Indian uproar at call in Russia to ban Hindu holy book Bhagavad Gita
Angry Indian lawmakers forced parliament to close on Monday and protesters gathered outside a Russian consulate over a Siberian trial calling for one of Hinduism’s most holy books to be put on a list of banned literature that includes Hitler’s Mein Kampf. The case filed by state prosecutors in the Siberian city of Tomsk says a translation of the Bhagavad Gita is extremist because it insults non-believers, local media in Russia say.
“We will not tolerate an insult to Lord Krishna,” members of parliament shouted, until the house speaker adjourned parliament for several hours.
The Bhagavad Gita takes the form of a conversation between Hindu god Krishna and a prince called Arjuna prior to a battle. Its philosophical insights were praised by Albert Einstein and forms a bedrock of the Hindu belief system.
India and Russia enjoy close diplomatic and defence ties and Prime Minister Manmohan Singh returned from an annual visit to Moscow at the weekend. Lawmakers demanded to know if he had raised the issue of the trial with Russian officials.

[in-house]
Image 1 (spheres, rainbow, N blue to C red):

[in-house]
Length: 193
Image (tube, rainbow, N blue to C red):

The translation up for trial is called “Bhagavad Gita as It Is,” and is central to the global Hare Krishna movement. Members of the movement link the case against the text to the Russian Orthodox Church, which they claim wants to limit their activities. Dozens of Hare Krishna adherents in orange robes shouted slogans and danced outside the Russian consulate in the eastern Indian city of Kolkata, a Reuters witness said. More than 20,000 people signed an online petition against the trial and the word Gita was one of the main Indian trends on Twitter on Monday.